Even before this picture of events had fully formed in his mind, he was already moving in the opposite direction as fast as his feet would carry him, scrambling along against the wall. No matter how fast he ran, though, the mass of awakening machinery was spreading toward him even closer. Every time he looked back, he could see it advancing on him, and even though he had no idea what he thought was going to happen if it did catch up, he ran on anyway.

When it finally overtook him, he veered a little farther over, grinding and stumbling against the wall with a barely audible exhaled grunt as he nearly fell.

George leaned against the wall, huffing and puffing as he took a frantic look around. Only moments before he was wishing he could see all of this running, now he took it back, every thought. Though everything had ground back into motion, it was still all dirty and grimy, weirdly aged, and, worst of all, he could see that every single ride was empty.

Somehow, it was all even creepier than before.

George fled along the wall, frequently glancing warily at this reanimated carnival. He thought he was looking for a way out, but would later realize that if he hadn’t banged his hand against the handle, he would have run right past the door without even seeing it. Though it stung like a sonofabitch, he reached out with that same hand and turned the handle.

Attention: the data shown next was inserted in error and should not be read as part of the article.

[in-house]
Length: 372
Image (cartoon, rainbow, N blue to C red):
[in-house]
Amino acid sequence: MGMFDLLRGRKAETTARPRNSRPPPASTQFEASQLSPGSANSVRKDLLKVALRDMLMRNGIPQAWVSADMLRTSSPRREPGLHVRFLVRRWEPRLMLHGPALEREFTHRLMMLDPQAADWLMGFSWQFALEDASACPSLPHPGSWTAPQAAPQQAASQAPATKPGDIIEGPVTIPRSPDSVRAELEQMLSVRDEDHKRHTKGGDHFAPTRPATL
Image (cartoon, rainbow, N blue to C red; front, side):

He pushed, but the door wouldn’t budge. Unlike the door he came in through, at least this one had an outside handle, and he was sure it must open. But when he threw his full, if not exactly hefty, weight against it, it wouldn’t give an inch. The more if refused to move, the more frantic he got.

It was only when he rebounded from his hardest effort yet, hand still gripping the handle, and the door flew wide open, that George realized the reason for his previous difficulties.

Sheepish, yet hardly unmindful of the unnerving spectacle unfolding behind him, he ducked through the door, pulling it shut behind him. Even with his heart thumping madly in his ears, he could still faintly hear that inane, lilting jumble of tunes back there. The thought of all those deserted rides just going their merry way outside was enough to set him back in motion. When that chirpy yet hollow racket began to increase its already manic tempo, he got the sense of everything going faster, probably faster than any of it was made to go, and quickened his own pace in time.

Before him was a long hallway with double-doors at the end. Much to his relief, those doors opened without any fuss, and he proceeded into the next section of what appeared to be another nest of hallways and corridors. With every step he took, the musical babble of the ghost carnival grew fainter until he could no longer hear it anymore.

And he finally allowed himself to relax.